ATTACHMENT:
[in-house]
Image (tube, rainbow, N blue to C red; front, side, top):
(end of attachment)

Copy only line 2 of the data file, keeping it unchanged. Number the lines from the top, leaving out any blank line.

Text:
Image (tube, rainbow, N blue to C red; front, side, top):